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USU Chemists Observe Molecular 'Drum' that Beats Coordination Record

Thursday, Nov. 05, 2015


Ivan Popov, USU doctoral student

USU doctoral student Ivan Popov is among a team of chemists that observed the highest coordination number to date for an atom. With USU chemistry professor Alex Boldyrev and colleagues, Popov published the findings in 'Nature Communications.'


graphic illustration fo Nature Communications, a science publication with the cobalt-boron cluster

The drum-shaped, three-dimensional cobalt-boron cluster observed by USU chemists consists of two boron rings connected to a central cobalt atom via 16 bonds. This discovery could open new possibilities for designing boron-based nanomaterials.


Utah State University chemists Ivan Popov and Alex Boldyrev are among a multi-university team that’s observed a molecular cluster that sets a new coordination record in chemistry. Their work, published in the Oct. 12, 2015, issue of Nature Communications, is highlighted in Chemical & Engineering News, Science & Technology Concentrates and Chemistry Views, as well as other international media.

The team’s research is supported by the National Science Foundation.

Working with Tian Jian, Gary Lopez and Lai-Sheng Wang of Brown University, Popov and Boldyrev predicted the existence of the drum-shaped, three-dimensional cobalt-boron cluster, which was obtained by pressing cobalt and boron into a pellet and vaporizing it with a laser beam. The complex consists of two boron rings connected to a central cobalt atom via 16 bonds, the highest coordination number of atoms ever observed, so far, for an atom.

“This is exciting because doping of pure boron clusters with a transition metal atom induced an earlier two-dimensional to three-dimensional structural transition,” says Popov, a doctoral student in USU’s Department of Chemistry and Biochemistry. “This gives us new insights into boron, which possesses diverse chemical structures and bonding second only to carbon.”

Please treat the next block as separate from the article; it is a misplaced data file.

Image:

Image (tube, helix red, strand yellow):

The knowledge gives scientists new possibilities for designing boron-based nanomaterials, says Popov, who joined USU’s program in 2011, after earning bachelor’s and master’s degrees from the People’s Friendship University of Russia in Moscow.

“The new findings expand our knowledge of these compounds and have implications for future nanotechnology applications,” says Boldyrev, professor in USU’s Department of Chemistry and Biochemistry and Popov’s advisor. “Now it’s up to experimentalists to take explore our theories.”

He notes these findings emerge from long-time collaborations with varied university researchers throughout the world and, in particular, with Popov’s alma mater, located in Boldyrev’s homeland.

“Many of my past and current graduate students completed studies at PFUR before coming to Utah State,” Boldyrev says. “It’s been a valuable relationship that has benefited both universities.”

Related links:

Contact: Ivan Popov, vanekpopov@gmail.com

Writer: Mary-Ann Muffoletto, 435-797-3517, maryann.muffoletto@usu.edu





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